Cooper v. Aaron, 358 U.S. 1; 78 S. Ct. 1401; 3 L. Ed. 2d 5 (1958)
Facts—After the Supreme Court decision in Brown v. Board of Education (1954) ruling that de jure racial segregation violated the equal protection clause of the Fourteenth Amendment, the school board and superintendent of schools in Little Rock, Arkansas, made plans to comply, beginning by desegregating grades 10 to 12. Arkansas governor Orval Faubus obstructed such plans by calling out the National Guard to stop nine African American students from entering the school. After the U.S. District Court issued an injunction against this action, the troops were withdrawn, but black children were later removed when unruly crowds formed outside the school, eventually leading President Eisenhower to dispatch federal troops to restore order. The school board subsequently asked for a delay of further desegregation efforts. A U.S. District Court granted this request, but the U.S. Eighth Circuit Court of Appeals reversed.
Questions—(a) Does a state have authority to defy orders of the U.S. courts?
(b) Should the courts give the school board extra time to comply with court orders when other state actors generate opposition to its policies?
Reasons—C.J. Warren (9–0). In an unusual move, the Court listed the name of each justice at the beginning of the opinion. The Court ruled that “The constitutional rights of respondents are not to be sacrificed or yielded to the violence and disorder which have followed upon the actions of the Governor and Legislature.” The equal protection clause of the Fourteenth Amendment forbids state-approved racial segregation. Article VI recognizes the U.S. Constitution “the ‘supreme Law of the Land,’ and it is the duty of the courts to uphold the law.” In what many scholars consider to be one of the Court’s broadest assertions of power, it asserted that “the federal judiciary is supreme in its exposition of the Law of the Constitution,” and its decision in Brown v. Board is thus controlling. The Court further noted that its opinion in Brown had been unanimous and that the three justices who had been appointed since that decision also supported it.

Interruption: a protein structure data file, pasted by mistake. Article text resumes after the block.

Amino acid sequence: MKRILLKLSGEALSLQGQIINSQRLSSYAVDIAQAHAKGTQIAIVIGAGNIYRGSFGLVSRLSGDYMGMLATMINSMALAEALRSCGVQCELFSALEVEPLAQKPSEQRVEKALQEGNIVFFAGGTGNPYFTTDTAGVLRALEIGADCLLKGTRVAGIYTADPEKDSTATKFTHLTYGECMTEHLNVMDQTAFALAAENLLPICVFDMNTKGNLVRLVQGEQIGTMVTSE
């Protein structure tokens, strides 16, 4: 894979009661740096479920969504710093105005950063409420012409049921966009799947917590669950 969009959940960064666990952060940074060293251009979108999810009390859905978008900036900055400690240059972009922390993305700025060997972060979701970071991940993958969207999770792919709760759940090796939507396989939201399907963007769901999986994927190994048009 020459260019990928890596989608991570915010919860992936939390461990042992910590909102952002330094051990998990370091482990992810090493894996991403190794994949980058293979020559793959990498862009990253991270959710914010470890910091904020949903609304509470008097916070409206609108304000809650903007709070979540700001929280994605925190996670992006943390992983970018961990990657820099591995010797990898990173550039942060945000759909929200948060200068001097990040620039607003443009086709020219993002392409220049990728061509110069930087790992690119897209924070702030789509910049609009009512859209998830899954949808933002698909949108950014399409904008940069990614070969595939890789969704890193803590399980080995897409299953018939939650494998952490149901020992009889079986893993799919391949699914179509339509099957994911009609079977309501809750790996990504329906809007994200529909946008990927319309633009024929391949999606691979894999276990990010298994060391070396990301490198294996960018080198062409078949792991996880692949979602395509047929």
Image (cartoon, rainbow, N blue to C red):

J. Frankfurter authored a concurring opinion in which he argued that to yield to the actions the governor had precipitated would be “to enthrone official lawlessness and lawlessness if not checked is the precursor of anarchy.”